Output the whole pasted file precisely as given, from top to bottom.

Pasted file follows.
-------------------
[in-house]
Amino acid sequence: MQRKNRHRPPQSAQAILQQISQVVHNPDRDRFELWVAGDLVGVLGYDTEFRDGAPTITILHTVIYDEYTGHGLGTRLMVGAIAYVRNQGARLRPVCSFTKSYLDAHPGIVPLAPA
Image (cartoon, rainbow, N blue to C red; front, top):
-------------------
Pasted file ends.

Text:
[in-house]
Amino acid sequence: MQRKNRHRPPQSAQAILQQISQVVHNPDRDRFELWVAGDLVGVLGYDTEFRDGAPTITILHTVIYDEYTGHGLGTRLMVGAIAYVRNQGARLRPVCSFTKSYLDAHPGIVPLAPA
Image (cartoon, rainbow, N blue to C red; front, top):